Objective. To describe patterns of muscle activation during gait in selected abdominal and
lumbar muscles using cluster analysis.
Participants. A sample of convenience of 38 healthy adult volunteers.
Outcome measures. Electromyographic activity from the right internal and external obliques, rectus
abdominis and lumbar erector spinae were recorded, and the root mean square values
for each muscle were calculated throughout the stride in 5% epochs. These values were
normalised to maximum effort isometric muscle contractions. Cluster analysis was used
to identify groups of subjects with similar patterns of activity and activation levels.
Results. Cluster analysis identified two patterns of activity for the internal oblique, external
oblique and rectus abdominis muscles. In the lumbar erector spinae, three patterns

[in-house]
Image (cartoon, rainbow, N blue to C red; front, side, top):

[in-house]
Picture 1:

of activity were observed. In most instances, the patterns observed for each muscle
differed in the magnitude of the activation levels. In rectus abdominis and external
oblique muscles, the majority of subjects had low levels of activity (<5.0% of a maximum
voluntary contraction) that were relatively constant throughout the stride cycle.
In the internal oblique and the erector spinae muscles, more distinct bursts of activity
were observed, most often close to foot-strike. The different algorithms used for
the cluster analysis yielded similar results and a discriminant function analysis
provided further evidence to support the patterns observed.
Conclusions. Cluster analysis was useful in grouping subjects who had similar patterns of muscle
activity. It provided evidence that there were subgroups that might otherwise not
be observed if a group ensemble was presented as the `norm' for any particular muscle's
role during gait.Relevance
The identification of common variations in muscle activity may prove valuable in identifying
individuals with electromyographic patterns that might influence their chances of
sustaining injury. Alternatively, clusters may provide important information related
to muscle activity in those that do well or otherwise after a particular injury.